Replace Loneliness with Mornings of Joy


Loneliness, often ignited by some form of difficult separation (particularly divorce or the death of a spouse), is a destructive spirit designed by Satan to place us in bondage. Unprepared, we easily fall victim to its accompanying emotions: despair, grief, depression, and bitterness. These emotions intensify when we are thrust into the roles of single parenting and head of household.  This does not automatically mean that we have to be lonely and discouraged. Loneliness can be defeated!

Recognize Loneliness for What It Is

First, we must not allow our feelings of loneliness to run unchecked. We need to recognize its deceitfulness from the onset and know that its primary goal is to separate us from God. We can’t be bitter or angry. Instead, we must identify and subdue the true adversary – the devil. The Word counsels us to “Be alert and of sober mind. Your enemy the devil prowls around like a roaring lion looking for someone to devour” (1 Peter 5:8 NIV). We lean on God, who always grants compassion and safety to those who have suffered loss. We can use our status of single parent as an opportunity to experience the fullness of God’s love – to fill our minds with God’s Word and reject the lies from the devil.  

Identify Strongholds

In addition, we must combat loneliness by identifying it as a stronghold – a prison that has the potential to hold us captive to psychological, physical, and sensual emotions; it must be resisted and torn down. We are instructed to “Resist the devil, and he will flee from you” (James 4:7b NIV). To resist means to actively oppose those thoughts and imaginations that are not of God, who never intended for us to be ruled by emotions like despair, loneliness, and grief, but instead, by His Holy Spirit. We must press forward to the things that God has planned for us and our children: “…plans to prosper you and not to harm you, plans to give you hope and a future” (Jeremiah 29:11b NIV).

Don’t Allow Loneliness to Affect Your Relationships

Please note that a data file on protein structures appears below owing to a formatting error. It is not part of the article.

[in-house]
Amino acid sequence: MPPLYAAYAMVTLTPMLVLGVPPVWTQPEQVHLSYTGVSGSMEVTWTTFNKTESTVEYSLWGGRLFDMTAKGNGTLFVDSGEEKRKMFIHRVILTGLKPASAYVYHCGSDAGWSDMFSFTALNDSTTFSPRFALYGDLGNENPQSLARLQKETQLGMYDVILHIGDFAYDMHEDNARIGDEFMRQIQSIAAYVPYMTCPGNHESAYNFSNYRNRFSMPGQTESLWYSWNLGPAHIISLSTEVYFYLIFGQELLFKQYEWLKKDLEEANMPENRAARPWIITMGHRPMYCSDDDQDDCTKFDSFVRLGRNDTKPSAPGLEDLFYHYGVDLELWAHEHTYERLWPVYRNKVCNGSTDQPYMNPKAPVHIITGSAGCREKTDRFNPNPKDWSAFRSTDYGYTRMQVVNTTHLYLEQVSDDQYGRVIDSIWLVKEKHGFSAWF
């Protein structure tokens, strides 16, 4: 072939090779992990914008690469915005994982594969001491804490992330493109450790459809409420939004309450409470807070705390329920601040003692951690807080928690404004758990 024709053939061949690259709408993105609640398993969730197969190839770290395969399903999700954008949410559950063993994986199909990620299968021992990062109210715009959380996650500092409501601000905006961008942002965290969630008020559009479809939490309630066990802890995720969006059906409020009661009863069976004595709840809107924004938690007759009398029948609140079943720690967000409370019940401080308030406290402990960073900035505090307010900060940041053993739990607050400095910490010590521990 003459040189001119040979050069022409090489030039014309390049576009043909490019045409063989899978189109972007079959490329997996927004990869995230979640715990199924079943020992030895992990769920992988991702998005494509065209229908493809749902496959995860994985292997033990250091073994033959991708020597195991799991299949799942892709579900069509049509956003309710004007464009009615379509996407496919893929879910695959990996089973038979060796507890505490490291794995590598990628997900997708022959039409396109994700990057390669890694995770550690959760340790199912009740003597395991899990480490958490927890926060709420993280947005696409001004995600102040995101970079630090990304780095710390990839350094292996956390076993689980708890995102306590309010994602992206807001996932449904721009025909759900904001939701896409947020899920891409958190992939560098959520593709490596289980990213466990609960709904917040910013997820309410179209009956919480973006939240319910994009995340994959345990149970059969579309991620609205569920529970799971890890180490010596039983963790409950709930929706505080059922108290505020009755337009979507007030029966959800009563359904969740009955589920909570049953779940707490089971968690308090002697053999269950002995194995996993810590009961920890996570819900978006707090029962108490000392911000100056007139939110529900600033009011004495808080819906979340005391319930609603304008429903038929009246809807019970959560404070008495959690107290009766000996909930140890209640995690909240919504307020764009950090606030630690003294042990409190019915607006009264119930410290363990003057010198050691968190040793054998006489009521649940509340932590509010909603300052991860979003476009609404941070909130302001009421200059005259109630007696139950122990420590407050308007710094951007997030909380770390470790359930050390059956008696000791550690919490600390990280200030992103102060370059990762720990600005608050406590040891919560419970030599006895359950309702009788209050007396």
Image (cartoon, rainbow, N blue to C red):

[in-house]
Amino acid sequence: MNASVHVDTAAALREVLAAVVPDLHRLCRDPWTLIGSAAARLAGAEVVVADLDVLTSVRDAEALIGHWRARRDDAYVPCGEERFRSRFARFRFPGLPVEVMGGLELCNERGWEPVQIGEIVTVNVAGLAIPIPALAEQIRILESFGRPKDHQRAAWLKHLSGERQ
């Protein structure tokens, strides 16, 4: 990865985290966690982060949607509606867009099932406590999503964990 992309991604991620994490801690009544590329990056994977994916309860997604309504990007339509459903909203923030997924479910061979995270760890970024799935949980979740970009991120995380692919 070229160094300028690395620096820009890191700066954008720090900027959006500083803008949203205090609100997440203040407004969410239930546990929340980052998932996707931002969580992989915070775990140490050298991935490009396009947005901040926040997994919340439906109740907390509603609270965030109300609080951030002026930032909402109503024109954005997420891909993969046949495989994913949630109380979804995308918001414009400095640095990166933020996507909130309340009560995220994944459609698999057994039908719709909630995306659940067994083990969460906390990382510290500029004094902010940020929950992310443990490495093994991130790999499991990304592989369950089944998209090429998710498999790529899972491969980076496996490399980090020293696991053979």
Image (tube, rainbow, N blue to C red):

Equally important, we need to realize that loneliness, if allowed to run unchecked, will interfere with our ability to successfully parent our children (who may also be grieving) and strain our relationships with family and friends. Sometimes, family and friends will remove themselves from us if our out-of-control emotions make us unpleasant to be around or we  may voluntarily isolate ourselves. More often, caught up in the tentacles of shame and false pride, we may not ask for well-needed help or may even reject it. These are all dangerous places to be because we, and our children, need a network of support to navigate through turbulent times. Having adult friends and family to spend time with is important.

Do Not Ignore Your Feelings of Loneliness

Finally, we should neither ignore nor entertain feelings of loneliness and despair. While we may initially experience grief and loneliness, it is important that we confront negative thoughts and, above all, include God in our journey back to wholeness. He’s an expert at healing broken or hurting hearts and at delivering His children from the pitfalls of the enemy. He can take our anger, even when it is directed at Him! We must allow the Holy Spirit, our Comforter, access to our emotions. 

Loneliness is a thief that can rob us of God’s promised peace, rest, and joy. Finding wholeness should be our goal, and the only way to do so is to embrace the love and promises Jesus purchased for us. According to Hosea 2:19, God betroths us to Him in righteousness, judgment, love, and compassion. He can do this through the indwelling Holy Spirit, who, like a spouse, yearns for our love and attention. It is through the Holy Spirit that God aids us in our fight to overcome loneliness, as well as its accompanying strongholds. “For God has not given us a spirit of fear, but of power and of love and of a sound mind” (2 Timothy 1:7 NKJV).

“Weeping may endure for a night, but joy comes in the morning” (Psalm 30:5b NKJV).



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